Mint’s aggregation capabilities enable it to advertise a broad range of products and services.
Among them include (but are not limited to) the following:
- Insurance – whether it is for life, home, or automobile.
- Loans to individuals and students.
- Cards de crédit.
- Personal banking services are available through participating financial institutions such as American Express and Bank of America.
The specific fee structure is determined by the agreement between Mint and its partners.
Given Mint’s access to its customers’ whole financial histories, referral fees should be a good source of revenue. Consumers might be targeted with offers based on their buying habits.
Many have suspected that this essential data was sold to other corporations to generate additional income.
However, there is no sign that Mint has created mechanisms for the sale of client data.
Credit monitoring service
Customers can subscribe to Mint’s Credit Monitor for $16.99 per month in addition to the platform’s free credit report capabilities.
This premium credit reporting service combines credit information from three credit bureaus: Equifax, Experian, and TransUnion. It also monitors (and reports on) possible identity theft incidents.
Mint also generates revenue through in-app advertisements. The firm charges the advertiser a modest fee when a customer taps on an ad.
Mint’s access to precise client information means the ads should be highly targeted.
What is the Funding and Valuation of Mint?
Crunchbase reports that Mint has raised a total of $31.8 million in venture capital funding over five rounds.
Notable investors include Founders Fund, DAG Ventures, Benchmark Capital, and First Round Capital.
Intuit made Mint’s valuation public during its acquisition of the company. The software behemoth paid $170 million for 100 percent ownership.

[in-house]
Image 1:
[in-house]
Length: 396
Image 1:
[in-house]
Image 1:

What is the Revenue of Mint?
Mint’s revenue figures are not disclosed by Intuit. Intuit classifies it as part of its consumer segment, which produced $2.775 billion in revenue in the fiscal year 2019.
However, it should be noted that the majority of that revenue is almost certainly attributable to TurboTax, Intuit’s SaaS tax preparation software.
Success Story of Mint
Aaron Patzer established Mint.com in 2006 in San Francisco, California. Pratzer’s fascination with computers began at a young age.
By the age of 15, he had founded his first business, a web development company for small businesses.
Following high school, he attended Duke University and majored in three areas of Computer Science and Engineering.
He eventually added some accounting lessons to improve his tax management for the web development services he gave.
He had to save his own Quicken Loans ledger every Sunday to keep his books current.
This required saving each transaction (which he had hundreds of in a week), manually categorizing them, and devising effective storing methods.
Following graduation (he continued his education at Princeton with a Master’s degree), Pratzer worked as a software developer for businesses such as IBM.
Patzer subsequently relocated to San Francisco to pursue his entrepreneurial dreams.
Saving $50,000 provided him with the required buffer to establish a network in the Valley. Matthew Snider, Mint’s first employee, became friends with Patzer during a group hiking trip.
Patzer and a small team of software engineers began work on Mint in March 2006. They worked relentlessly for the first seven months, frequently putting in 14-hour workdays.
Meanwhile, Patzer proposed his proposal to over 50 investors, who all declined to invest.
However, his efforts would eventually bear fruit. After watching an early product demo, Josh Kopelman of First Round Capital, Patzer’s dinner, became the startup’s first investor.
Regrettably, there remained one more hurdle in the startup’s path. Patzer initially titled the company MyMint, for which he paid $3,000 to get the domain name mymint.com.
However, he quickly understood that the mint.com domain would be significantly more important in terms of branding.